Education: University of Texas at Austin, Ph.D., 2007.
Office—Roanoke College, 9 North College 210, 221 College Ln., Salem, VA 24153. E-mail—[email protected]
Writer, editor, and educator. Roanoke College, Salem, VA, assistant professor of history.
(Editor, with Toyin Falola) Yoruba Creativity: Fiction, Language, Life, and Songs, Africa World Press (Trenton, NJ), 2004.
(Editor, with Toyin Falola) Orisa: Yoruba Gods and Spiritual Identity in Africa and the Diaspora, Africa World Press (Trenton NJ), 2005.
(With Toyin Falola) The Politics of the Global Oil Industry: An Introduction, Praeger (Westport, CT), 2005.
(Editor, with Toyin Falola) Yoruba Identity and Power Politics, University of Rochester Press (Rochester, NY), 2006.
(Editor, with Toyin Falola) The Yoruba in Transition: History, Values, and Modernity, Carolina Academic Press (Durham, NC), 2006.
Ann Genova is a writer, historian, and educator based at Roanoke College in Salem, Virginia, where she serves as an assistant professor of history. As an academic, Genova specializes in African history, with a further interest in petroleum and oil industry issues in Nigeria. She teaches a variety of courses on Africa and African history, covering subjects such as nationalism in Africa, the African diaspora, the culture and history of Nigeria and South Africa, and both modern and ancient African history.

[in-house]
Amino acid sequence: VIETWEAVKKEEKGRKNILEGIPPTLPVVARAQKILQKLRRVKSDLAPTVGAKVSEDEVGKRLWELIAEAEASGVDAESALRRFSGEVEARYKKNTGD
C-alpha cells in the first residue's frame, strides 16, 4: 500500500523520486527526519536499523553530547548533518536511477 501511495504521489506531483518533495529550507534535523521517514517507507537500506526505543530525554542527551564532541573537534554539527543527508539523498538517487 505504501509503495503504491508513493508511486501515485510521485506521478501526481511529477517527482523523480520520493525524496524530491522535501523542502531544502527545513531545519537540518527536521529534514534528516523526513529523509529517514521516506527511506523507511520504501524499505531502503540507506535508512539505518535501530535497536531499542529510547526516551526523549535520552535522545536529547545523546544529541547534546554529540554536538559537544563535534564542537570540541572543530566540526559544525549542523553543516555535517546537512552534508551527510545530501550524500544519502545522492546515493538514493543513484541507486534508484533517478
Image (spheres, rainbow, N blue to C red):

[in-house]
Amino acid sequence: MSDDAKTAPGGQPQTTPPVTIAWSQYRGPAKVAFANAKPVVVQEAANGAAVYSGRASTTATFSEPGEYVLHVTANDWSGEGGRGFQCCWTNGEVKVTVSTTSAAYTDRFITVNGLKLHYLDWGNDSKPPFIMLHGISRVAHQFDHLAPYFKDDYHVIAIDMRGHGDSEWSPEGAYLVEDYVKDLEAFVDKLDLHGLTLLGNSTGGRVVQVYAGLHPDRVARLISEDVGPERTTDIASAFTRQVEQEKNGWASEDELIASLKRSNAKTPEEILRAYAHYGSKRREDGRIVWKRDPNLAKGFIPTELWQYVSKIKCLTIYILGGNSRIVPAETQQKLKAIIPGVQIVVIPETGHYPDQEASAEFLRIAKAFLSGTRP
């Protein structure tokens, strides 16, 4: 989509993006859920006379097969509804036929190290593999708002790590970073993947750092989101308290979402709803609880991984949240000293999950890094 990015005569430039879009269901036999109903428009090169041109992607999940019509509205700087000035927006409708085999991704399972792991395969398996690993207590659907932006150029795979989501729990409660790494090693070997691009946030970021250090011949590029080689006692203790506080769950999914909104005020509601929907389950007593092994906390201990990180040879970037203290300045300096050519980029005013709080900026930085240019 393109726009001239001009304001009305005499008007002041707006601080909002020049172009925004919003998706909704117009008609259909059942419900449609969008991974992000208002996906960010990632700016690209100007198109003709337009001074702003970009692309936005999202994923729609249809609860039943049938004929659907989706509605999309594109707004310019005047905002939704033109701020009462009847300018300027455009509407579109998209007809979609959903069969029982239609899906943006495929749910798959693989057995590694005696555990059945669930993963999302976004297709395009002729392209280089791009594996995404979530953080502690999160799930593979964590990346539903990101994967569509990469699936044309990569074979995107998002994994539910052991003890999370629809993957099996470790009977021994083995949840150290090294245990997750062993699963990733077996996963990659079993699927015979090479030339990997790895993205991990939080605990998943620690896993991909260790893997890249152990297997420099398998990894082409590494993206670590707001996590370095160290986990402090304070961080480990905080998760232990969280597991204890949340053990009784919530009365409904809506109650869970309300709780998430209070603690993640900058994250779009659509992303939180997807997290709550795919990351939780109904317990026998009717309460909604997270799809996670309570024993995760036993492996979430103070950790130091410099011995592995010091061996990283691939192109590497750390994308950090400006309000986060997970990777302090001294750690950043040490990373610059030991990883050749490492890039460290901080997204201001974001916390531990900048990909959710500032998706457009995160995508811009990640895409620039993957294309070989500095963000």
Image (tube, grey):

Genova's interest in the worldwide oil and petroleum market has formed the basis of substantial segments of her professional writing. She is the author, with Toyin Falola, of The Politics of the Global Oil Industry: An Introduction. In this book, the authors "survey the global politics of oil" in areas around the world, reported a Reference & Research Book News contributor. The first part of the book covers the history of the oil industry, and contains information on the small and large companies that found, extracted, marketed, and distributed petroleum products throughout the world. Genova and Falola carefully consider the growth of the oil industry and the vast amounts of money and power that propelled it. They consider the international role of oil companies, oil cartels, oil-producing nations, and other major players. They look at how oil production has impacted global politics, the environment, economic development, and human rights in areas around the world. They also present specific case studies from countries such as Mexico, Iraq, Norway, Russia, Saudi Arabia, Venezuela, and Nigeria. The book is "accessible to students and lay readers. Another strength is the authors' demonstrable familiarity with and insight into the political impact of oil in various countries," commented James B. McSwain, writing in History: Review of New Books. Evan Hillebrand, in a Political Science Quarterly review, called the book an "interesting introduction to a very large topic." McSwain concluded that The Politics of the Global Oil Industry is "best used as a ready reference work for readers not conversant with the conventional highlights of global oil politics."